News and Events

Wednesday, September 9 - Sunday September 13, 2015
  • 23rd North American Diatom Symposium
  • CMU Biological Station on Beaver Island
Dr. Hunter Carrick, professor of biology at CMU, will host 80 aquatic scientists from across North America and beyond at the CMU Biological Station on Beaver Island for the 23rd North American Diatom Symposium (NADS).

The September 9-13, 2015 event will consist of sessions and workshops including 70 professional presentations (7 of which will be presented by CMU students), poster presentations, and numerous interactive sessions on aquatic science.

Attendees will have the opportunity to network and socialize in a student friendly atmosphere, participate in a 3K run, go on local field collecting trips, even pick up diatom related valuables in a lively auction.

Diatoms are an algae with a distinctive, transparent cell wall.
  They are found in nearly every habitat where water is found and form part of the base of aquatic food webs.  They are widely used in environmental assessment and monitoring. 

The North American Diatom Symposium (NADS) is a biennial meeting held at field stations throughout the United States and Canada.
  The meeting was first held in 1970 at Cedar Creek in Minnesota. Since then the gathering has been hosted at field stations in Florida, Colorado, Manitoba, Kentucky, Alabama, Ohio, Minnesota, Iowa, Wisconsin, and Michigan.

NADS is an informal society, and all are welcome to attend.

Learn more about the North American Diatom Symposium at their website:

​Sign up for summer courses on Beaver Island

March 4, 2014 - Are you a student looking to get courses in over the summer? If so, consider taking some on Beaver Island - "America's Emerald Isle" - in northern Lake Michigan! Home to the CMU Biological Station, Beaver Island was recently named one of the best island getaways in the continental U.S. by CBS News. Click here to watch the video.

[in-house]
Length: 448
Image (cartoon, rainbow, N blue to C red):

So what are you waiting for? Check out the classes being offered and sign up for your island adventure today! If you have any questions, please feel free to contact John Gordon, CMU Biological Station Manager at (989) 774-4400 or

Using fish ear bones to help protect coastal wetlands

September 30, 2013 - Don Uzarski, CMU professor of biology and director of CMU's Institute for Great Lakes Research and the CMU Biological Station, and his research team are reading information stored in the ear bones (otoliths) of fish to track fish movements. 

The otoliths in fish grow daily in layers, similar to rings in a tree trunk. Biology graduate student Lee Schoen and Jim Student, director of the Center for Elemental and Isotopic Analysis in the CMU College of Science and Technology, are taking thin slices of the otoliths and running them through a laser-equipped mass spectrometer, which picks up trace elements that the ear bones integrate from surrounding water, enabling the researchers to track the fish's pattern of visits to particular coastal wetlands.

Uzarski says, "We're basically trying to find out exactly how important these coastal wetlands are to the overall energy base or food web of the entire Great Lakes ecosystem." 

Their research aims to provide the hard data necessary for better choices to be made about managing, restoring and protecting the Great Lakes basin's coastal wetlands. 

Learn more:

​CMU unveils new Great Lakes research vessel

June 21, 2013 - Central Michigan Photo of the MV Chippewa on the waterUniversity students and faculty are able to increase their scientific research on the Great Lakes thanks to the purchase of a 38-foot vessel by the CMU College of Science and Technology.

Don Uzarski, director of CMU's Institute for Great Lakes Research, said students studying areas of science from ecology to botany will benefit from the utilization of the RV Chippewa.

"With respect to Great Lakes research, this was one of the last pieces of the puzzle to get us out into that open water of the lakes that we couldn't do before with smaller vessels," Uzarski said. "We're very strong in research in wetlands and in the nearshore region; now we're hoping to take it out to the offshore."

The vessel will help further the work of the Institute for Great Lakes Research, which recently received a $10 million federal grant from the U.S. Environmental Protection Agency to conduct Great Lakes wetlands preservation research alongside a team from nine other universities and three government agencies.

"I have about 20 faculty who study various aspects of the Great Lakes with a goal of understanding the ecology of these vital ecosystems," said Ian Davison, dean of the CMU College of Science and Technology. "This vessel will enhance their capacity to provide the information that is needed to protect and preserve them."